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Cancer Deaths Decline for 1st Time Since 1930

The drop in U.S. is slight but marks a milestone, as advances catch up with demographics.

February 09, 2006|Thomas H. Maugh II | Times Staff Writer

For the first time since the government began keeping national death statistics in 1930, the number of cancer deaths in the United States has fallen as improvements in diagnosis, therapy and prevention have finally overtaken increases caused by aging and population growth.

The number of deaths declined by only a sliver -- 369 out of about 557,000 between 2002 and 2003, the latest years for which data are available.

But the American Cancer Society, which conducted the analysis, believes the downward trend is solid, and it is projecting a substantially larger decrease this year.

The results "mark a remarkable turn in our decades-long fight to eliminate cancer as a major health threat," said American Cancer Society Chief Executive John R. Seffrin. "For the first time, the advances we have made in prevention, early detection and treatment are outpacing even the population factors that ... obscured that success."

The number of cancer deaths in women increased by 409 in 2003, but that growth was offset by a decline of 778 in men, according to data from the National Center for Health Statistics in Hyattsville, Md.

"That may seem like a small number, but it represents an important milestone," said Dr. Michael Thun, scientific director of the American Cancer Society.

The cancer society projects that deaths in 2006 will total about 565,000, down from an estimated 570,280 in 2005.

A continued decline could have substantial economic benefits. In 2005, direct medical costs of cancer care totaled $74 billion, while lost productivity and other effects added an additional $136 billion, the National Institutes of Health reported.

The decline is "not surprising, but it is very gratifying," said Dr. Michael A. Friedman, president of City of Hope National Medical Center in Duarte. "It has taken quite a long time for us to reach this point."

The disease causes 1 in every 4 deaths in the country, making it second only to heart disease. But the rate of cancer deaths -- not the number of deaths -- has been declining steadily by about 1% per year since 1991 as individual survival has improved.

When the government began keeping records in 1930, cancer accounted for 114,186 deaths and the U.S. population was 123 million compared with about 290 million today. .

A cancer diagnosis was nearly equivalent to a death sentence, the only treatments being rudimentary surgery and blasts of radiation, which was first used at the turn of the 20th century.

The first chemotherapy drugs were developed from poisons used in chemical warfare during World War II, but did not see much use for a decade more. The first recorded cure of a metastatic cancer with drugs occurred in 1956, when methotrexate was used to treat choriocarcinoma, a rare tumor of the uterus.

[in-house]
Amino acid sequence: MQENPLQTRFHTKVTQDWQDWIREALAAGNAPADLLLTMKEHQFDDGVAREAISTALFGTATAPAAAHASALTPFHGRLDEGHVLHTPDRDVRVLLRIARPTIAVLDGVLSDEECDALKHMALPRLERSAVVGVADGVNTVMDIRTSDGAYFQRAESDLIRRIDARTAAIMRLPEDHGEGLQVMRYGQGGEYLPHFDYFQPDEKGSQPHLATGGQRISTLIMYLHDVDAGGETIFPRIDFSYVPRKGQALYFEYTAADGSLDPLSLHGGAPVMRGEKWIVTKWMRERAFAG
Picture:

The first major step toward prevention was the surgeon general's report on smoking in 1964, which delineated the hazards of tobacco, but it took two decades for that message to have what was considered a profound effect on smoking rates.

By the 1970s, half of those diagnosed with cancer survived for five years. For those diagnosed during the last half of the 1990s, the rate had grown to 65%.

Today, the National Cancer Institute estimates that there are 10.1 million living Americans who have had cancer. Men have about a 50% risk of developing cancer in their lifetimes, whereas women have a risk of about 1 in 3.

The biggest contributor to the decline in cancer deaths is the reduction in tobacco use over the last 30 years, Thun said. Tobacco use accounts for 30% of all cancer deaths, including lung cancer and 14 other types. Lung cancer is the most deadly in men and women and will account for about 162,460 deaths this year.

The incidence of lung cancer in men has fallen by about 24% since 1985. Among women, who in general did not begin smoking heavily until decades after men did, the incidence has leveled off since 1998 after a long period of growth.

Decreases in death rates of breast, prostate and colorectal cancers are also important contributors to the overall decline.

Breast cancer deaths have dropped about 2.3% per year since 1990 to an estimated 40,970 deaths in women this year and 460 in men. The declines are attributed, in equal measure, to improvements in treatment and early diagnosis, which allows tumors to be detected while they are easier to cure.

The incidence of prostate cancer has been rising and falling over the last decade as a result of changes in testing, but prostate cancer deaths have been declining steadily, to an estimated 20,360 this year. The death rates have been falling in whites and blacks, but African American men are still twice as likely to die from the disease.

Colorectal cancer deaths have been declining slowly, to an estimated 55,170 this year, as screening has increased -- although about 50% of those for whom screening is recommended are not receiving it. Screening allows the identification of benign polyps, which can be removed before they turn cancerous.

Treatments for colorectal cancer have also been improving, and the incidence is falling, "but we don't know why for sure," Thun said.

Friedman, of the City of Hope, said: "In general, people are eating more healthy food and going in for checkups more often."

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